I am trying to load a csv file that has 14 columns like this:

StartDate, var1, var2, var3, ..., var14

when I issue this command:

systems <- read.table("http://getfile.pl?test.csv", header = TRUE, sep = ",")

I get an error message.

duplicate row.names are not allowed

It seems to me that the first column name is causing the issue. When I manually download the file and remove the StartDate name from the file, R successfully reads the file and replaces the first column name with X. Can someone tell me what is going on? The file is a (comma separated) csv file.

  • 1
    That link (getfile.pl?test.csv) doesn't seem to work. Could you maybe copy and paste the first few lines of the file into the question, or provide a working link? – nograpes Jan 13 '12 at 16:48
  • that ws just an example. the link is internal, you wont be able to get to it. The file format is like this: date, var1, var2, var3, var4, var5 then populated with some data. I can open the file, it is accurate – george willy Jan 13 '12 at 17:04
  • systems <- read.table("getfile.pl?test.csv", header=FALSE, sep=","), I seem to get the file but know I have to deal with another row. If I print the contents of systems. this is how it looks: V1 V2 V3 V4 V5 StartDate, Server, uptime, load, memory – george willy Jan 13 '12 at 17:11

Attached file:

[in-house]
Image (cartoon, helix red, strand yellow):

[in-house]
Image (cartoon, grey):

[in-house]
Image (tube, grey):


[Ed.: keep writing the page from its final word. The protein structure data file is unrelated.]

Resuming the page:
• This question no longer has anything to do with (1) it's title nor (2) the answers below. @minitech just pinging you as the writer of the last edit, made a mere four hours after the question was posted...maybe you know how to salvage this question that has attracted 20k views. – Frank Jan 7 '15 at 19:54
  • 1
    @Frank: Whoops, thanks! Rolled back. – Ry- Jan 7 '15 at 21:04

Then tell read.table not to use row.names:

systems <- read.table("http://getfile.pl?test.csv", 
                      header=TRUE, sep=",", row.names=NULL)

and now your rows will simply be numbered.

Also look at read.csv which is a wrapper for read.table which already sets the sep=',' and header=TRUE arguments so that your call simplifies to

systems <- read.csv("http://getfile.pl?test.csv", row.names=NULL)
  • did you mean read.csv rather than read.table on your final code chunk? – Tyler Rinker Jan 13 '12 at 17:16
  • 14
    I tried that before and it did not work. The first column now called "row.names" and the column names moved one cell further – george willy Jan 13 '12 at 17:17
  • @Tyler: yup, fixing now. Thanks! – Dirk Eddelbuettel Jan 13 '12 at 17:31
  • 3
    "and now your rows will simply be numbered" is not the full story. As your comment indicates you know, column names are also screwed up. If you know of a solution that does not require the awkward workaround mentioned in your comment (shift the column names, copy the data), that would be great. (Unfortunately, "fix your source data" is not sufficient for my case -- which doesn't have the OP's problem, which follows documented behavior stackoverflow.com/a/15285380/1191259 . Maybe I will make my case into a reproducible example some day.) – Frank Jan 7 '15 at 19:50
  • 4